My father called it good old fashioned Canadian ingenuity.
As a matter of fact, he gave me the impression that Canadian Ingenuity was exactly what won World war II.
Oh sure the Yanks and the Brits had ingenuity but according to Dad, theirs wasn't like real CANADIAN ingenuity.
Recently my brothers and I have had the sad and difficult job of going through Dad's things.
We've marvelled at what he kept. Like most people who lived through the Great Depression, he never threw anything away.
Nothing was ever too small or too broken that it might not find a use somewhere else.
Over the years I learned to be careful what I told Dad I needed because Canadian Ingenuity is a double edged sword.
It can also be spelled O-D-D.
For example he didn't understand why someone might not want a dining room chair with one leg refashioned out of an old hockey stick.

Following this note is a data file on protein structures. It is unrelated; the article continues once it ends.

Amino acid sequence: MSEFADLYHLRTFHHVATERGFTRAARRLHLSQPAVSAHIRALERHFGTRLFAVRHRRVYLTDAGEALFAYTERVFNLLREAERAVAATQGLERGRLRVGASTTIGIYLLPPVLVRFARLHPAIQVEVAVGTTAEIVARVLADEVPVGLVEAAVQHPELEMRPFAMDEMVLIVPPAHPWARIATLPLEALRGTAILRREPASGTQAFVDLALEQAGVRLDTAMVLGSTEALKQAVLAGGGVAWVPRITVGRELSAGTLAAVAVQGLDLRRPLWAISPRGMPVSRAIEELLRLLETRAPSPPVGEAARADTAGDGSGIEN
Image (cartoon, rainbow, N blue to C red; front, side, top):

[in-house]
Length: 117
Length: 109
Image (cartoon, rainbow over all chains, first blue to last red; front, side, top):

And the oddness of Canadian ingenuity is exactly what I thought I would never embrace.
I didn't realize how insidious it is.
How it creeps up on a person.
You see, a few days ago I bumped into one of my neighbours when we were out walking our dogs.
She was wearing the most beautiful pair of rubber rain boots.
"Oh thanks," she said when I told her how nice they looked. "They cost me $100 but they are worth it!"
Up until that moment I had been quite pleased with the ingenious solution that I had found to the problem of being caught in the rain.
So i must tell you, it was with a heavy heart that I looked down at my own feet.
I was standing next to a woman in rubber boots that cost $1oo and I was wearing a pair of unused doggie poo bags over my shoes.
I guess I really am my father's daughter.